Inside The Beltway: Once upon a time, a sagging economy meant PR budget cuts. Welcome to the new century

Now, it used to be an article of faith in the American business community that the slightest dip or tremor in the economy - unemployment up, the markets down, inflation up, housing or auto manufacturing down - meant a corresponding cut in advertising budgets and PR spending across the board.

Now, it used to be an article of faith in the American business community that the slightest dip or tremor in the economy - unemployment up, the markets down, inflation up, housing or auto manufacturing down - meant a corresponding cut in advertising budgets and PR spending across the board.

Now, it used to be an article of faith in the American business

community that the slightest dip or tremor in the economy - unemployment

up, the markets down, inflation up, housing or auto manufacturing down -

meant a corresponding cut in advertising budgets and PR spending across

the board.



But as the new century begins (how long will it be before people refer

to the 1990s and the present decade as the ’turn of the century?’), we

are clueless, since the latest economic downturn was pre-Clinton, and

the Reagan recession is shrouded in the mists of antiquity. And with Mr.

Greenspan’s hand renewed at the tiller and companies becoming both fewer

and larger - the unimaginable dollars 350 billion merger of AOL and Time

Warner is causing barely a ripple - it begins to appear as though all

the old rules may be out the window.



But some data from the turn of the century (ah, those carefree, fin de

siecle days of the 90s) seem to suggest that the old order has changed

while we weren’t looking. Corporate executives now look on advertising

and PR as tools for more than hyping new products, increasing market

share, distracting customers from disasters or even reinforcing a

brand.



Thus a survey last year by Burson-Marsteller and this publication found

an overwhelming majority of CEOs now believes management of corporate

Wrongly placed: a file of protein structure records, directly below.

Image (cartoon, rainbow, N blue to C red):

reputation affects stock price, previously thought to be responsive

almost entirely to old standbys like revenue, profit and the tangible

elements of the balance sheet.



Additional turn-of-the-century research by the Council of Public

Relations Firms seems to confirm this new emerging doctrine. Its polling

revealed that the Top 200 of Fortune’s ’Most Admired’ companies spent

twice as much on PR as companies with weaker reputations.



Does this mean corporate CEOs are getting smarter, or are they merely

discovering a new business (and communications) landscape? Probably

both.



The new ’Age of Communications’ has turned more of us into investors and

has also provided everyone with tons of new information with which to

judge companies, products and brands. We pass on this information to

friends, colleagues, friendly merchants and, through the Internet,

countless strangers as well.



We not only know which cars sell more, for example, but which are

better, and now there may even be a connection between these pieces of

knowledge.



The next time the markets turn bearish and the numbers head south, we

can test the new theories. Right now, it looks as though reputation and

a good name are our best stock in trade.



Have you registered with us yet?

Register now to enjoy more articles and free email bulletins

Register
Already registered?
Sign in

Would you like to post a comment?

Please Sign in or register.